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Sushi from the Ashes

Cory Rasmussen

Fuji-Ya
2640 Lyndale Ave. S., Mpls.; 871-4055

Melissa Hanson knows exactly what she wants out of life. "Tako, Mommy," she pleads, "tako, tako," as her mom, Carol Weston Hanson, tries to conduct a morning phone interview. When Weston Hanson insists that she wait and play quietly, Melissa retreats, but I can still hear her little bell of a voice as she plays in the restaurant: "Tako! Tako! Tahhh-kohhh!" And I'd bet the farm that she's the only 4-year-old in town devoting her morning to the urgent pursuit of octopus tentacles.

The Fuji-Ya on Lyndale is the newest incarnation of the pioneering Twin Cities restaurant first opened in 1959 by Weston Hanson's mother, Reiko Weston, and her parents, Japanese immigrants Kaoru and Nobuko Umetani. That first restaurant seated only 25 people, in a basement on LaSalle near Eighth Street. Surprising everyone involved, Eisenhower-era Minneapolis turned out to be primed for Japanese food, and the little place took off, requiring all members of the family to pitch in with running it and ultimately prompting a move to a giant, 400-seat space on the west bank of the Mississippi near the Stone Arch Bridge. Fuji-Ya even spawned a St. Paul branch, Fuji 2.

Carol Weston Hanson was raised in those Fuji-Ya's, helping out in every part of the restaurant, munching tempura as an after-school snack, being sung to sleep at night by her grandfather, Kaoru, a former rear admiral in the Japanese Navy. But in 1988, at the same time Fuji-Ya was being forced from its downtown location, Reiko Weston died, and Carol, still in college, had to shut down the restaurant.

Now, phoenixlike, Fuji-Ya lives again, opened last winter by Carol Weston Hanson in an elegant, sand-colored space on Lyndale Avenue. "So many, many people walk in the door and the first words out of their mouths are 'I remember when...'" says Weston Hanson. Some even come in carrying a piece of origami made by her grandfather, who died in 1963. "I wish I had a piece!" Weston Hanson laments.

Sitting in the airy room on Lyndale, listening to the trickle of a bamboo-and-stone fountain, gazing at the Zen-simple bare wood ornaments, you can feel the satisfaction of a family restored to its rightful environment. Unfortunately, the restaurant, so long on charm and heartwarming family tales, is decidedly lackluster when it comes to food and service.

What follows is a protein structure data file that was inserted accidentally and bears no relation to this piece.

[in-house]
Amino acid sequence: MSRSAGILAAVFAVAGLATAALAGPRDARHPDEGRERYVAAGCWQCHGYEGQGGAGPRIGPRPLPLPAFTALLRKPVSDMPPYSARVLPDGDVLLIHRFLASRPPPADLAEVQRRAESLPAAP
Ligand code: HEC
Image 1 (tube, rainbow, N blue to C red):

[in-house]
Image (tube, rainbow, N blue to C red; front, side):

My biggest problems were with the sushi. First, the servers on my visits didn't know anything about the food they were serving: I asked one what "maguro albacore" was and she took my menu and read me the translation. It said, "white tuna." No duh. (At home with my reference books I discovered that albacore is a small variety of tuna, which weighs from 10 to 60 pounds, has a pale flesh, and is usually known in sushi bars as shiro maguro. It tastes very mild, with a subdued mackerel-like flavor.)

When I asked a different server on another visit what made up the Regular ($15.95) versus Deluxe ($18.95) sushi platters, he replied that he didn't know and couldn't find out, because no one would tell him. The same man later presented the deep-fried shrimp heads that traditionally accompany ama ebi, sweet shrimp, saying "I don't know why they wanted me to give these to you." Then he made a disgusted face: "I guess you're supposed to eat them, but they've got eyes." Why, thanks, thanks so much.

Ask any server whether a particular fish is fresh that day--a customary question in sushi bars--and you'll always get the answer: "Everything's fresh every day." Which is patently untrue, and not even possible or expected, because of the precarious nature of fishing and airline schedules. On my visits some pieces of sushi arrived that were clearly past-prime: vaguely stinky, just barely slimy, the kind of thing that left a table full of sushi lovers appalled. Like most really annoying problems, this one is intermittent: One night my tuna sashimi ($7.50) was perfectly fresh and delicious; another it had clearly been frozen at a relatively high temperature and then thawed, a process that gives fish a grainy, unpleasant texture as ice crystals rupture the flesh. (I've read that fish can be frozen at subzero temperatures with no extreme ill effect to the taste, and that most fish is frozen directly after being caught, but this wasn't that.)

Even Fuji-Ya's cooked rolls seem ham-handed. My caterpillar roll ($8.95), in which paper-thin slices of avocado served as a shell to rice rolled around a core of unagi, cooked eel, was drenched with a thick, sweet sauce; on a different visit a salmon skin roll ($5.50), cooked salmon and watercress, fell apart when touched. However, on two occasions the California rolls ($5.50), crab meat and avocado wrapped in rice and topped with fish roe, were very good. I didn't try the tako ($3.95), but now I wish I had.  

The problem with Fuji-Ya's sushi menu is that it's far too ambitious--45 items are on the permanent list--for what the restaurant is able to deliver. I think we would all be happier if they limited the list to cooked items or vegetable items, and offered the raw fish only as a daily special to reflect what's fresh.